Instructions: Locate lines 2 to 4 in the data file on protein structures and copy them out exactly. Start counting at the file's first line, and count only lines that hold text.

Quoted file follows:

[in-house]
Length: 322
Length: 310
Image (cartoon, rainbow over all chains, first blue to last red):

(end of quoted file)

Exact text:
Length: 322
Length: 310
Image (cartoon, rainbow over all chains, first blue to last red):